The report itself is over 250 pages long (English version) and is available online (in PDF format) in Arabic, Chinese, French, Russian and Spanish. The Executive Summary is also available in Hungarian, Slovakian, Slovenian and Swedish. There are a total of 17 chapters divided into six parts. The overarching recommendations of the report are: 1) Improve daily living conditions; 2) Tackle the inequitable distribution of power, money and resources; and 3) Measure and understand the problem and assess the impact of action.

It is important to note that the Commission's report is complementary to the other major health development initiative known as the Millennium Declaration which declares "Those who suffer or benefit least deserve help from those who benefit most." The Declaration was the basis for the creation of the Millennium Development Goals which aim to address the root causes of poverty and poor health through multi-sector linkage and action (UN Millennium Project, 2005). Both of these efforts are rooted in the principles of global social justice, namely, to ensure that globalization is both inclusive and equitable for all the world's citizens. The strategies advocated in both documents focus attention on the key complementary roles of primary care and community-based participatory action approaches for understanding and improving health worldwide (Cristancho et al., 2008; Peters et al., 2004).
"A girl born today can expect to live for more than 80 years if she is born in some countries - but less than 45 years if she is born in others. Within countries there are dramatic differences in health that are closely linked with degrees of social disadvantage. Differences of this magnitude, within and between countries, simply should never happen" (from the Commission's Executive Summary, Closing the Gap in a Generation).

The report provides us with a challenge and a blueprint for action to achieve health equity in a generation. The Network: Towards Unity for Health and Education for Health can continue to contribute to accomplishing this goal!

Reviewed by:

Karen E. Peters, DrPH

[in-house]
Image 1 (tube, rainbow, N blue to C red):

Assistant Professor of Health Policy and Administration

University of Illinois at Chicago, School of Public Health

USA

Sergio Cristancho Marulanda, PhD

Visiting Professor

Facultad Nacional de Salud Publica

Universidad de Antioquia, Colombia

D. Marcela Garces, MD, MSPH

Assistant Professor

Departamento de Medicina Preventiva y Salud Publica

Facultad de Medicina

Universidad de Antioquia, Colombia


Useful Resources

United Nations Department of Public Information (2008). Millennium Development Goals. Retrieved July 30, 2009, from http://www.un.org/millenniumgoals/

Wikipedia (2009). Social Determinants of Health. Retrieved July 30, 2009, from http://en.wikipedia.org/wiki/Social_determinants_of_health

World Health Organization (2008). Commission on Social Determinants of Health. Retrieved July 30, 2009, from http://www.who.int/social_determinants/en/

References

Commission on Social Determinants of Health. (2008). Closing the Gap in a Generation: Health Equity through Action on the Social

Determinants of Health. Geneva: World Health Organization. Available at: http://whqlibdoc.who.int/ publications/2008/9789241563703_eng.pdf

Cristancho, S., Garces, DM., Mueller, B., & Peters, K. (2008). Listening to rural Hispanic communities in the Midwest: A focus groups

assessment of perceived barriers to access healthcare. Qualitative Health Research, 18(5), 633-646.

Peters, K. & Henley E. (2004). Acting on synergies between clinic and community strategies to improve preventive medicine. Journal of Family Practice, 53(12), 970-973